One of the most popular sessions at last year’s Tech Adoption Summit event in San Francisco featured Tolithia Kornweibel, head of marketing at Gusto, giving a talk about how the upstart SaaS company has staked out a promising niche in providing small businesses with cloud tools for handling payroll and HR.
San Francisco-based Gusto currently has about 60,000 customers and in terms of market, is still dwarfed by the big three — Paychex, ADP, and Intuit — which together own about 45% of the payroll market. Gusto has made a strategic decision to target businesses with fewer than 100 employees — the classic SMB definition. She says her available market is about 5.5 million U.S. SMBs.
Gusto goes at it with a sense of mission that matches the small businesses they serve, Tolithia said. She cited data showing the majority business owners it serves, “Would still run their businesses if they won the lottery.”
One theme from Tolitha’s talk mirrored one of the founding themes of the Tech Adoption Index — leveling the playing field between enterprise and SMB for what good software makes possible. That’s one of the big promises of the cloud and SaaS and it’s a key focus at Gusto.
“One of the things we really care about is providing opportunities for small businesses to create great places to work,” she said. “And to level the playing field with enterprise companies for whom the industry has created lots of solutions to help empower employees, to engage and reward them. Things that have typically been unavailable, inefficiently delivered or too expensive for small businesses.”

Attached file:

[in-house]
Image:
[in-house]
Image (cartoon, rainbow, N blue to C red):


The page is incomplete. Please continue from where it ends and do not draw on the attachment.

Tolithia also addressed how SMBs want all-in-one solutions for payroll and HR related services, but they do not want to completely outsource these functions. In fact, many very small SMBs have a resource assigned to handle HR, but they need help from experts, which is a key element of what Gusto offers.
“Even though they have a DIY mindset, customer service could not be more important,” she said.
She also addressed the explosion in competition in the cloud HR space, sharing a chart showing little room between the various payroll and HR solutions.
“What differentiates one brand from another? So far, nothing,” Tolithia said.
With everyone fighting on the same plane, it’s important to go to market efficiently and effectively. Gusto has put its emphasis on “generating awareness and engagement among small-business audience that is getting value from us so they eventually choose us.”
As a result, Gusto has pushed aside an influencer approach (even though 1/3 of their business is from accountant referrals) and has not gone too deep into SEO.
Instead, Gusto has built a content marketing strategy that is about “reaching customers where they are and democratizing the value that Gusto has built into the product and giving it away for free.” As a result, Tolithia said about 2/3 of Gusto’s customer acquisition is organic.
You can check out Gusto’s Resources section to get a sense of the content they create for SMBs.
Finally, we talked about these and other themes with Tolithia when we interviewed her for our Above the Cloud podcast back in August. You can listen here.